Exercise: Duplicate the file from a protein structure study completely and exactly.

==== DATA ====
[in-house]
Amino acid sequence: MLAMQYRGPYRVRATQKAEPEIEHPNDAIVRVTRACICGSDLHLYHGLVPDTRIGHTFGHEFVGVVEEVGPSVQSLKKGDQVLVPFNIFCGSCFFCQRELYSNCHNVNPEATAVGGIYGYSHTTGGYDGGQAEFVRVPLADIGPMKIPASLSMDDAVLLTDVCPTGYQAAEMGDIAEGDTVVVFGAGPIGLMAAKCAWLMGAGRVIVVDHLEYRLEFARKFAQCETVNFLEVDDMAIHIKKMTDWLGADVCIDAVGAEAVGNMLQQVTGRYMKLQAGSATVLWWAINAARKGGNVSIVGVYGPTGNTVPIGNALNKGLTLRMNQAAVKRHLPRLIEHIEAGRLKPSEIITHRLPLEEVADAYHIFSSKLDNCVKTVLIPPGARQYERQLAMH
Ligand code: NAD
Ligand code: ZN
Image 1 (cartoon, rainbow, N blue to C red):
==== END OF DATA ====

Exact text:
[in-house]
Amino acid sequence: MLAMQYRGPYRVRATQKAEPEIEHPNDAIVRVTRACICGSDLHLYHGLVPDTRIGHTFGHEFVGVVEEVGPSVQSLKKGDQVLVPFNIFCGSCFFCQRELYSNCHNVNPEATAVGGIYGYSHTTGGYDGGQAEFVRVPLADIGPMKIPASLSMDDAVLLTDVCPTGYQAAEMGDIAEGDTVVVFGAGPIGLMAAKCAWLMGAGRVIVVDHLEYRLEFARKFAQCETVNFLEVDDMAIHIKKMTDWLGADVCIDAVGAEAVGNMLQQVTGRYMKLQAGSATVLWWAINAARKGGNVSIVGVYGPTGNTVPIGNALNKGLTLRMNQAAVKRHLPRLIEHIEAGRLKPSEIITHRLPLEEVADAYHIFSSKLDNCVKTVLIPPGARQYERQLAMH
Ligand code: NAD
Ligand code: ZN
Image 1 (cartoon, rainbow, N blue to C red):